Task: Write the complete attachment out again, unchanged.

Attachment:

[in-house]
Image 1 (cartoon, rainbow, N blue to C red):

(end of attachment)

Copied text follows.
[in-house]
Image 1 (cartoon, rainbow, N blue to C red):